24. Then again in National Buildings Construction Corporation Vs. S. Raghunathan & Ors., a three-Judge Bench of this Court observed as under:
"The doctrine of "legitimate expectation" has its genesis in the field of administrative law. The Government and its departments, in administering the affairs of the country, are expected to honour their statements of policy or intention and treat the citizens with full personal consideration without any iota of abuse of discretion. The policy statements cannot be disregarded unfairly or applied selectively. Unfairness in the form of unreasonableness is akin to violation of natural justice. It was in this context that the doctrine of "legitimate expectation" was evolved which today has become a source of substantive as well as procedural rights. But claims based on "legitimate expectation" have been held to require reliance on representations and resulting detriment to the claimant in the same way as claims based on promissory estoppel."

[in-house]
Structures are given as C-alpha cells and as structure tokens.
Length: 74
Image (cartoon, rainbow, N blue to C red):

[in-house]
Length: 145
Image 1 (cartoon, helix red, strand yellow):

25. This Court in Punjab Communications Ltd. Vs. Union of India & Ors., referring to a large number of authorities on the question, observed that a change in policy can defeat a substantive legitimate expectation if it can be justified on "Wednesbury" reasonableness. The decision maker has the choice in the balancing of the pros and cons relevant to the change in policy. Therefore, the choice of the policy is for the decision maker and not for the Court. The legitimate substantive expectation, merely permits the Court to find out if the change in policy which is the cause for defeating the legitimate expectation is irrational or perverse or one which no reasonable person could have made. (Also see: Bannari Amman Sugars Ltd. Vs. Commercial Tax Officer & Ors.